Zild is not the usual young and self-absorbed musician. For one, he’s been taking to heart the advice of his dad Franklin Benitez, former drummer of the Hungry Young Poets and Barbie’s Cradle.
“Value people around you more than the fame,” Zild quoted his dad.
Father and son are among the performers in “Welcome Home,” a benefit show on Nov. 25, 6 p.m. at the Cuneta Astrodome in Pasay, which also features Gigi de Lana & the Gigi Vibes, Juris, Kenaniah, Chen, Daddy’s Home, and Musicians on Fire.
Proceeds of the event will help build a church for Christ the Living God Fellowship (CLGF), where father and son are both members.
In this online chat, Zild recalls how he got into music, his influences, as well as the “universal feeling” of hating Mondays.
Did your father influence your interest in music, and at what age did you get serious in becoming a musician?
I grew up listening to a wide range of music. From Christian music to Pinoy rock to Toto to fusion jazz folks like Chick Corea and Dave Weckl. I subconsciously gravitated towards music. I started taking it seriously when I was 13, because our church needed a bassist.
What advice from your father did you appreciate most when you joined a band?
Value people around you more than fame. Also, he always quoted Sting: 'Be yourself, no matter what they say.' Be unapologetically yourself.
There was a lot of buzz when IV of Spades came into the scene. But the band was gone as quickly as it drew many fans at the start. Did you feel anger or frustration over the way the band suddenly ended its promising career?
No. It is what it is.
But you’ve also been successful as a solo artist. In fact, I was blown away by your performance on August 27, 2022 at 19 East. You wore a black trench coat with the words, 'Oh, Lunes Na Naman' scrawled at the back. Anything significant behind those lines?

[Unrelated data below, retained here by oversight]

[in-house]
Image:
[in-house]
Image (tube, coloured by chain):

It’s a universal feeling (besides love). Everyone hates Mondays. Mondays are just mundane.
What about this part of your song’s lyrics: 'Umiikot lang ang panahon, ang bagong dekada Sitenta!' Please enlighten us, what did you mean by that?
Sometimes history really just repeats itself, no matter how much facts or information we have.
Your music sounds like a wonderful mix of classic rock, punk and disco. Did you really intend to combine those elements?
It was all in my subconscious. I just wanted to write music that I grew up on and resonated with. I try to not be intentional as much as possible. I just want to create.
Who are your biggest musical influences—foreign and local?
Church music plays a huge role in my music up to now. I always see music as something that transcends spiritually. Locally, Armi Millare and Rico Blanco influenced me a lot when it comes to writing music. They have their own voice.
What can your followers expect from you soon?
More music and more smiles.
What’s been your guiding principle as a young musician?
Music is a tool to make this world a little bit more bearable.
You’re headlining a benefit show, 'Welcome Home,' which is organized by your father. Are you preparing anything special?
I have no idea yet, but this show is close to my heart because it involves the community where I learned about music. These are the people who’ve supported me since the very beginning.